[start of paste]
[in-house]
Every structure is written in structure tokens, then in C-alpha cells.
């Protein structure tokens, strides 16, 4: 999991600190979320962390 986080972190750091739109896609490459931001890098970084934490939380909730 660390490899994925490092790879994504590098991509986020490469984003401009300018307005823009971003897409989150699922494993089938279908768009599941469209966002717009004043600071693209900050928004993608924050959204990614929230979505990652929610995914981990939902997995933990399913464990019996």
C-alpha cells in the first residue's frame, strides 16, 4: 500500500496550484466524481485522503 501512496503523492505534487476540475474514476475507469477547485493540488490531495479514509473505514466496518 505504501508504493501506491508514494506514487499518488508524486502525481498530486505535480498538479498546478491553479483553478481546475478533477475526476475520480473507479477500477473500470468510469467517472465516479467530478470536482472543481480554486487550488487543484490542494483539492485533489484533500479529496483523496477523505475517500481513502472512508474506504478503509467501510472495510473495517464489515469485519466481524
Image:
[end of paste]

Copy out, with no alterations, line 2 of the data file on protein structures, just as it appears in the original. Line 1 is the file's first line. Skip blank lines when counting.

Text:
Every structure is written in structure tokens, then in C-alpha cells.